NCF Nation: Jameel Poteat

Last spring, one of the big stories to watch in Cincinnati focused on the running back position.

With Co-Big East Offensive Player of the Year Isaiah Pead gone, who would step up to replace his productivity? We had an idea that senior George Winn would take the reigns, especially after his performance in the AutoZone Liberty Bowl. But the truth is, it would have been hard to predict that Winn would be better than Pead in 2012.

[+] EnlargeRalph David Abernathy IV
Rob Leifheit/USA TODAY SportsRalph David Abernathy IV could figure into Cincinnati's plans at running back next season.
He was, which makes his omission from the Big East first-team particularly galling. Look at the numbers:

  • Pead, 2011: 237 carries, 1,259 yards, 12 touchdowns, 5.3 yards per carry, six 100-yard games.
  • Winn, 2012: 243 carries, 1,334 yards, 13 touchdowns, 5.5 yards per carry, six 100-yard games.

Winn had better numbers than the Co-Big East Player of the Year in 2011, yet was overlooked by league coaches. Head-scratcher indeed. But the point of this post is not to go over an all-conference team that was released months ago. The point is that a similar scenario is set to unfold this spring.

One of the big stories to watch is what happens at the running back position. What happened with Winn last season illustrated that Cincinnati is perfectly capable of producing a 1,000-yard back to replace another 1,000-yard back. And a big reason why is its offensive line.

Cincinnati had one of the best offensive lines in the league last season, producing two first-team Big East selections in tackle Eric Lefeld and guard Austen Bujnoch, and FWAA Freshman All-American Parker Ehinger. All five starters return for 2013, which should help the Bearcats maintain their impressive ground game, no matter who gets the carries.

Among the contenders vying for the starting job, there are three guys to watch this spring: Ralph David Abernathy IV, Deionte Buckley and Tion Green. Jameel Poteat is no longer in the mix, after deciding to transfer. Abernathy is more of a change-of-pace back who can be used in a variety of ways. He probably won't be getting 20 carries a game. Buckley and Green are certainly intriguing players to watch, given their potential.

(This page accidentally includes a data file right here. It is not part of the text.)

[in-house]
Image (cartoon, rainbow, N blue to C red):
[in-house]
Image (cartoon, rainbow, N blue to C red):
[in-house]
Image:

Cincinnati also expects two junior college transfers -- Rodriguez Moore and Hosey Williams -- to be added into the mix when they arrive in time for fall practice.

Having said all this, there are two factors that make 2013 different from 2012. First, there is no senior in this group. Though Winn had never been a starter, he had more experience than anybody currently in the mix for playing time. That experience proved to be invaluable.

Second is the coaching change. Will Cincinnati continue to focus on the run, the way it has the past two seasons, or will coach Tommy Tuberville opt to open up the pass game more? Does he prefer a workhorse back or to use a rotation featuring two to three players? How will he utilize Abernathy, the most dynamic playmaker the Bearcats have on the roster?

There are certainly questions that have to be answered, but if last season is any indication, Cincinnati is perfectly capable of reloading. Not rebuilding.
Jameel Poteat is a product of "Tailback High," having broken Bishop McDevitt records just a few years after Philadelphia Eagles running back LeSean McCoy did the same at the Harrisburg, Pa., high school. So when the Cincinnati sophomore is asked about the big shoes to fill this season in the Bearcats' backfield, he is not running from the challenge.

[+] EnlargeGeorge Winn
AP Photo/Mark HumphreyGeorge Winn (32) is one running back looking to fill Isaiah Pead's shoes in the Bearcats' backfield.
Poteat -- who was mentored by McCoy, who himself had been mentored by McDevitt alum and Pro Bowler Ricky Watters -- already got a head start during his first college fall, rooming with eventual Big East offensive player of the year Isaiah Pead on road trips last season. The then-true freshman picked the senior's brain on everything from pass protection to managing a body over the course of a season.

"I love it," Poteat said of the expectations Pead left behind. "I'm just trying to live up to what he did here, and the challenge of that is just making me better."

Poteat, George Winn and Ralph David Abernathy IV are the men in the backfield tasked with matching the production of Pead, a second-round draft pick of the St. Louis Rams who ran for Big East bests of 1,259 yards and 12 rushing scores in 2011.